Published on 8 Aug 2017

Pronunciation of German ship names from World of Warships with some background information on the person and location.

Military History Visualized provides a series of short narrative and visual presentations like documentaries based on academic literature or sometimes primary sources. Videos are intended as introduction to military history, but also contain a lot of details for history buffs. Since the aim is to keep the episodes short and comprehensive some details are often cut.

QotD: Writing about the past

Filed under: Books, History, Quotations, Science — Tags: , , , — Nicholas @ 01:00

If you’re writing in the past — or even if you are just living in the present — you should have an idea of how the past was different, and the factors that shaped that.

If you assume the past was just like the present only less “enlightened” you’re presupposing history comes with an arrow, and that today is of course more “advanced” than the past. While this is true of science — of course — it’s not always true of what was inside people’s heads. In many ways because even the poorest of us struggle less than in the Middle Ages, it’s become easier to develop mental habits of laziness and other “rich person” vices. What you think is enlightenment might be considered sheer nonsense by your descendants. For instance the enlightened thing at one time (even Heinlein has a whiff of it) was genetic culling. Now we’re finding that what we know about genes isn’t that straightforward. Throw in epigenetics and someone with a gene to be a “moron” can turn out to be a genius. More, even overtly bad disease genes are linked to genes we need and can’t survive without. BUT the enlightened opinion in the early twentieth century was to improve humanity and save human suffering by culling out the sick and the lame and the “inferior races.” (No, Hitler didn’t invent that.)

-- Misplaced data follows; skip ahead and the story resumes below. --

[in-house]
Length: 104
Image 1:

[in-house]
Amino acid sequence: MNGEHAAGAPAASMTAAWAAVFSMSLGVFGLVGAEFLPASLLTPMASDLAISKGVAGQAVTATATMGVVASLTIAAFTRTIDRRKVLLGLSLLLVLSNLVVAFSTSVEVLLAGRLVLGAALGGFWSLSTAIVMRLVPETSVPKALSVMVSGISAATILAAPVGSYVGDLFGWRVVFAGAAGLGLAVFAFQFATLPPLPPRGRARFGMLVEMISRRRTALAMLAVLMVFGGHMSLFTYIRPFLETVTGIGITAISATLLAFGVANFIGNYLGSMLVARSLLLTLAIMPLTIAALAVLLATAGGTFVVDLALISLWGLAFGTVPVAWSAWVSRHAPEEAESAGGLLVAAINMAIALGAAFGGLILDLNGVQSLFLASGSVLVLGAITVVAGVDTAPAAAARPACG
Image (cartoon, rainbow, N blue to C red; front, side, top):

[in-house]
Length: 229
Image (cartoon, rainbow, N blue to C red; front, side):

Some of our concepts (and I’m not going to name any because it’s a fight I don’t need, but I’m sure you can think of some) will prove just as monstrous to our descendants.

If you don’t have a sense of that, you don’t have a sense of the past, which unfortunately means you don’t have a sense of the present.

If you think that there is an objective way to end poverty or stop drug use, or whatever, and it’s ONLY your way, and even your opponents think your way is right and are being villainous and “evil” by opposing it you not only shouldn’t be writing historical fiction, you definitely shouldn’t be voting. You should find the nearest kindergarten and use it as a safe space.

Because out here in the real adult world, the past and the present and complicated places, with different modes of arranging life that worked with the circumstances at that time, even if they now set our teeth (or our hair) on edge.

If you can’t accept your ancestors were different from you, thought differently and responded to different necessities, you have no business preaching multiculturalism.

Because what makes a culture different is not the hairstyles, the dresses or what they ate, but how one must live to survive. And yes, some cultures are factually worse than others at providing their people with the necessities (or the luxuries) of life. Arguably most past cultures were (barring our finding some atlantian high-developed scientific culture we’ve heard nothing about.)

That doesn’t give you the right to to stomp your feet and rewrite the past to justify your boorish self-regard in the present.

Your ancestors were both more and less enlightened than you in ways you can’t even understand, and your superimposing your beliefs on them is the act of a mental midget standing on the shoulders of giants and peeing down.

Sarah A. Hoyt, “What Has Gone Before Us”, According to Hoyt, 2015-08-03.